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Scientology and Me, Part Two: What Scientologists Actually Believe

[image from my personal collection – I couldn’t find one with the OT t-shirt!]

Previously: Part One, Growing Up in the Church.

As a child of two Scientologist parents, a child born into a room quieted in preparation for the return of a reincarnated thetan, I grew up fluent in the Church’s specialized vocabulary. As a toddler I accompanied my mother during her training at the Flag Land base in Clearwater, Florida, and at the Los Angeles center, wearing a t-shirt that read “future OT,” a bit of gobbledygook that any Scientologist worth their salt could immediately translate as indicating that I was destined to rid myself of my ‘reactive mind’ and go ‘clear’ before ascending the ‘bridge to total freedom’ to reach the level of ‘OT’ (operating thetan). Had I chosen this life of intensive Scientology study and training, I might only be in slightly more debt than student loans have left me, but the choice was never mine to make: I was too young to have actually taken Scientology courses before my mother left the Church, and when my father later urged it, I was not allowed to on account of my mother’s enemy status.

Growing up surrounded by the language and ideas of Scientology, I developed the capacity for linguistic register-switching: the ability to rapidly, even unconsciously, shift my language when I moved among different social domains. To this day it’s like a door opens in my brain when I’m with my parents, allowing the use of those specialized terms, and closes again when I’m with friends, preventing me from throwing out an embarrassing engram reference by accident. But I still sometimes get confused. One day not too many years ago I had to ask my mother if “enturbulate,” a term that suggests being so agitated you are unable to do something, was a real word or a Scientology word and damn it, I was enturbulated when she told me it wasn’t. I heard and used the term so frequently growing up that it had come to be linked with an actual and specific psychological state that I felt and experienced as enturbulation. If it wasn’t a real word, did that mean other people didn’t feel it? How could I explain it to them without these shared terms?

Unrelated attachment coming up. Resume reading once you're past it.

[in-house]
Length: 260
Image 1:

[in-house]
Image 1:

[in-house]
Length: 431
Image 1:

Of course I can explain that state without resorting to the specialized language of the church — I just did. In reality much of the basic terminology that Scientologists use is easy to understand for those of us raised in the Euro-American tradition. The founder of Scientology, and its predecessor, Dianetics, Lafayette Ronald Hubbard (or LRH, as I knew him growing up), while famously a marginally successful writer of science fiction before he turned to creating a new ‘science of the mind,’ was more broadly an American of the 20th century. Hubbard neatly fused Western psychology and Eastern religion, drawing on (which sometimes looked a lot like stealing from) numerous traditions to create a ‘scientific religion’ that appealed to the quintessentially American obsession with the self, a current that connects Emersonian self-reliance to Oprah-ian self-fulfillment. Like any religion, it gets more complicated and esoteric the deeper and higher you go, but the fundamental principles are quite simple. There is nothing in them so mind-boggling as the Buddhist imperative that you purge yourself of the desire to even desire to stop desiring or even the Christian requirement to accept a three-pronged god.